I don't think temp is an issue here as I aim for the slight sheen on the part, and keep extrusion rates within recomended for the nozzle. In this case below 10mm3/sec for E3D V6 std with standard 0.4mm nozzle.

  • If anything the shield printing has just encouraged me to shop around a bit. I don't do colour preference much, but like to stick to a constant colour and supplier. I am liking the finish on the grey filamentive rPLA parts ao may look thatbway in the future.

  • Brand new spool and still got issues. Think I will attempt a return unless the purchase was too long ago.

  • @DocTrucker said in PETG - Brittle?:

    Brand new spool and still got issues.
    Of what and where from DocTrucker?

  • @antlestxp said in PETG - Brittle?:

    The polymaker polylite is pretty good stuff along with the polymax. My go to is the fillamentum cpe. That stuff is fantastic but you can't leave it out too long.

    PC-Max is one of my all time favs, it also doesn't like being left out. I haven't tried Fillamentum CPE, I'll put it on my list to try, thanks! They've changed PC-Max to PolyMax now, FYI.

  • @DocTrucker
    PETG and most polyesters are prone to hydrolysis when exposed to heat in presence of water. The ideal moisture content for PETG is below 300 ppm or parts per million (300 mg of water per kilogram of PETG). To make the problem worst, PETG is fairly hygroscopic (It likes to absorb water). Once you remove it from the bag and the dissecants, it will start the absorption process.
    The good thing is that the process is reversible. Heating PETG in presence of Desiccants (Silica Gel) at about 70 Celsius (70 x 1.8+32) approx 158F for 10 hs would dry the polymer while preserving its mechanical properties.
    However, if the filament was made with wet resin. We could do very little to save it, since the hydrolysis process already occurred before we processed. If you could return it to the manufacturers and get a fresh batch, life can be better.
    Good printing

  • @Daniel isn't filament going from the nozzle directly into the warm water bath ?! How does that affect the moisture content?

    was made with wet resin.

    I recently watched some video (trying to figure out what's wrong with this XXL spool of white petg from dasfilament that print at 180C that strings like crazy) about filament making and guy said that the process starts by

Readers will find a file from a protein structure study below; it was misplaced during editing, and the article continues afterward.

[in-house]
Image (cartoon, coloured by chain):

1. put pellets, additives, pigments into the blender and mix and mix and mix
    2. put the mixed content into the dryer and dry for at least 2 hours

    and went on about if you don't dry for at least 2 hours the filament will be %$#@^&# quality...

    I guess everyone making filament knows this and I doubt anyone is crazy enough not to dry the mixture before using up all the time and energy to convert that into filament.

  • @arhi
    That is a very good observation. Filaments are made by melting dry polymer in the extruded and pushing them through a die with the proper diameter and then immersed into a water bath to solidify.
    The residence time in the bath is enough to chill the filament but not enough to to raise the internal moisture content above 300 ppm.
    It takes time to make the moisture diffuse into the polymer.

  • @Daniel sounds interesting, I have no clue about how that part of the work is done, never looked much in to it before this issues with dasfilament white petg, so I started looking at the process and if anyone published recipes but info about it all is super scarce. Apart from few videos and few pictures info there's nothing out there. Easier to find a procedure to make extazy or heroin than to make filament 😞

    Anyhows looks like the general course of action for any filament is the same - if something fishy, dry it first 🙂

  • @arhi
    I am attaching a link to a resin vendor for injection molders and other plastic processes containing a table for water content on different polymers as well as a reference on how to measure that.

    What filaments are interested in making?